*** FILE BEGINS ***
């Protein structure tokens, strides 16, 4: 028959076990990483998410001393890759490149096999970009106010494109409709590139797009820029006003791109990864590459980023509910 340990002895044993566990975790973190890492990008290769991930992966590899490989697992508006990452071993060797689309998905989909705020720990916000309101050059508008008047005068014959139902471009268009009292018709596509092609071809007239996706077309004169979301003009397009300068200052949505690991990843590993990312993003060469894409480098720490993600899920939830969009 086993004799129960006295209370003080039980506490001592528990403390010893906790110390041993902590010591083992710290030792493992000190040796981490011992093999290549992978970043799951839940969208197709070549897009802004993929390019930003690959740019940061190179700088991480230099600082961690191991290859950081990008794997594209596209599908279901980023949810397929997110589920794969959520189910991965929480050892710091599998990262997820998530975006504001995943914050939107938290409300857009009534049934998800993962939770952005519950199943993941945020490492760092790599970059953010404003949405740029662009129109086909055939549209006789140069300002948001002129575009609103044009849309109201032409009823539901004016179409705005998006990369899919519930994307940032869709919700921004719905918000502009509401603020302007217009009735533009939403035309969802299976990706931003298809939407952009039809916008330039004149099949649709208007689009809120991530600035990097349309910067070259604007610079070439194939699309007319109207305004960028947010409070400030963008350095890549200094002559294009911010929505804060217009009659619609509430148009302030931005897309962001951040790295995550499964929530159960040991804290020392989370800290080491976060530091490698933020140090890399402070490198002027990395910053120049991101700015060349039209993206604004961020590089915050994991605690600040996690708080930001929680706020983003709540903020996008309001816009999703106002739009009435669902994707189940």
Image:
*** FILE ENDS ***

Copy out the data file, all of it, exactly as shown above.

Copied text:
């Protein structure tokens, strides 16, 4: 028959076990990483998410001393890759490149096999970009106010494109409709590139797009820029006003791109990864590459980023509910 340990002895044993566990975790973190890492990008290769991930992966590899490989697992508006990452071993060797689309998905989909705020720990916000309101050059508008008047005068014959139902471009268009009292018709596509092609071809007239996706077309004169979301003009397009300068200052949505690991990843590993990312993003060469894409480098720490993600899920939830969009 086993004799129960006295209370003080039980506490001592528990403390010893906790110390041993902590010591083992710290030792493992000190040796981490011992093999290549992978970043799951839940969208197709070549897009802004993929390019930003690959740019940061190179700088991480230099600082961690191991290859950081990008794997594209596209599908279901980023949810397929997110589920794969959520189910991965929480050892710091599998990262997820998530975006504001995943914050939107938290409300857009009534049934998800993962939770952005519950199943993941945020490492760092790599970059953010404003949405740029662009129109086909055939549209006789140069300002948001002129575009609103044009849309109201032409009823539901004016179409705005998006990369899919519930994307940032869709919700921004719905918000502009509401603020302007217009009735533009939403035309969802299976990706931003298809939407952009039809916008330039004149099949649709208007689009809120991530600035990097349309910067070259604007610079070439194939699309007319109207305004960028947010409070400030963008350095890549200094002559294009911010929505804060217009009659619609509430148009302030931005897309962001951040790295995550499964929530159960040991804290020392989370800290080491976060530091490698933020140090890399402070490198002027990395910053120049991101700015060349039209993206604004961020590089915050994991605690600040996690708080930001929680706020983003709540903020996008309001816009999703106002739009009435669902994707189940």
Image: